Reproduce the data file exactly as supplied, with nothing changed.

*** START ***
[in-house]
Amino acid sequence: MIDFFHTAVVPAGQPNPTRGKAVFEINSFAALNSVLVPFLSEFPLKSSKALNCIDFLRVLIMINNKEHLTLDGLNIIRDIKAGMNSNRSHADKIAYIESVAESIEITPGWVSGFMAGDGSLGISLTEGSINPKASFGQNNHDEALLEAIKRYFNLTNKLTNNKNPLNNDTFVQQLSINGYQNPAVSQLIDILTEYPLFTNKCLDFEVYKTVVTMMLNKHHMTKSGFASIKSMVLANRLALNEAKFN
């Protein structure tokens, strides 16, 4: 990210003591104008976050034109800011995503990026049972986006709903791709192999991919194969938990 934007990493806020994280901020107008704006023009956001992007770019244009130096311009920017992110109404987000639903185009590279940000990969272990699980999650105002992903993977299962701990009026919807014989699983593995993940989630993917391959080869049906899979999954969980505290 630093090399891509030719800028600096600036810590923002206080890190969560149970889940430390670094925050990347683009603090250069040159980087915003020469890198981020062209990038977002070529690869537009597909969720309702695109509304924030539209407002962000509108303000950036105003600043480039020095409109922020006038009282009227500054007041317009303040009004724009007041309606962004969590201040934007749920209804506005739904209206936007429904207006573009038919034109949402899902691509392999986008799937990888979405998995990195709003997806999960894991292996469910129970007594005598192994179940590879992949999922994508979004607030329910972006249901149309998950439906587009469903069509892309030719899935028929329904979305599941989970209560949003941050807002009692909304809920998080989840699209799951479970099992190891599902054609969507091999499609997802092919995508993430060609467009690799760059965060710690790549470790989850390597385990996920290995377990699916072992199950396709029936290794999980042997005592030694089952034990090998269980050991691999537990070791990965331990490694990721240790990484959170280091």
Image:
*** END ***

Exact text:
[in-house]
Amino acid sequence: MIDFFHTAVVPAGQPNPTRGKAVFEINSFAALNSVLVPFLSEFPLKSSKALNCIDFLRVLIMINNKEHLTLDGLNIIRDIKAGMNSNRSHADKIAYIESVAESIEITPGWVSGFMAGDGSLGISLTEGSINPKASFGQNNHDEALLEAIKRYFNLTNKLTNNKNPLNNDTFVQQLSINGYQNPAVSQLIDILTEYPLFTNKCLDFEVYKTVVTMMLNKHHMTKSGFASIKSMVLANRLALNEAKFN
């Protein structure tokens, strides 16, 4: 990210003591104008976050034109800011995503990026049972986006709903791709192999991919194969938990 934007990493806020994280901020107008704006023009956001992007770019244009130096311009920017992110109404987000639903185009590279940000990969272990699980999650105002992903993977299962701990009026919807014989699983593995993940989630993917391959080869049906899979999954969980505290 630093090399891509030719800028600096600036810590923002206080890190969560149970889940430390670094925050990347683009603090250069040159980087915003020469890198981020062209990038977002070529690869537009597909969720309702695109509304924030539209407002962000509108303000950036105003600043480039020095409109922020006038009282009227500054007041317009303040009004724009007041309606962004969590201040934007749920209804506005739904209206936007429904207006573009038919034109949402899902691509392999986008799937990888979405998995990195709003997806999960894991292996469910129970007594005598192994179940590879992949999922994508979004607030329910972006249901149309998950439906587009469903069509892309030719899935028929329904979305599941989970209560949003941050807002009692909304809920998080989840699209799951479970099992190891599902054609969507091999499609997802092919995508993430060609467009690799760059965060710690790549470790989850390597385990996920290995377990699916072992199950396709029936290794999980042997005592030694089952034990090998269980050991691999537990070791990965331990490694990721240790990484959170280091």
Image: